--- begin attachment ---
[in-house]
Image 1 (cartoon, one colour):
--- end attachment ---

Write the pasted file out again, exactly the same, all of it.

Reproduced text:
[in-house]
Image 1 (cartoon, one colour):